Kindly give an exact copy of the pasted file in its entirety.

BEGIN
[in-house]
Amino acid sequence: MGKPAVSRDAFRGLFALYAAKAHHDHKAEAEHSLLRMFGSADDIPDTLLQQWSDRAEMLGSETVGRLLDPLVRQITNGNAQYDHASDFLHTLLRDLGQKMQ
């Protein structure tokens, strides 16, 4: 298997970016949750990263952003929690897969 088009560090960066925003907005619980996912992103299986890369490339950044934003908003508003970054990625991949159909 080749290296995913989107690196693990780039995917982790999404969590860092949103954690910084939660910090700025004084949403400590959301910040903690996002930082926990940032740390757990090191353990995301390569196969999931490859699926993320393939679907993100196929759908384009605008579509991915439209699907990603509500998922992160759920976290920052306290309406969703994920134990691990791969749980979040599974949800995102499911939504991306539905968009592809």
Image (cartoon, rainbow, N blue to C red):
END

[in-house]
Amino acid sequence: MGKPAVSRDAFRGLFALYAAKAHHDHKAEAEHSLLRMFGSADDIPDTLLQQWSDRAEMLGSETVGRLLDPLVRQITNGNAQYDHASDFLHTLLRDLGQKMQ
């Protein structure tokens, strides 16, 4: 298997970016949750990263952003929690897969 088009560090960066925003907005619980996912992103299986890369490339950044934003908003508003970054990625991949159909 080749290296995913989107690196693990780039995917982790999404969590860092949103954690910084939660910090700025004084949403400590959301910040903690996002930082926990940032740390757990090191353990995301390569196969999931490859699926993320393939679907993100196929759908384009605008579509991915439209699907990603509500998922992160759920976290920052306290309406969703994920134990691990791969749980979040599974949800995102499911939504991306539905968009592809």
Image (cartoon, rainbow, N blue to C red):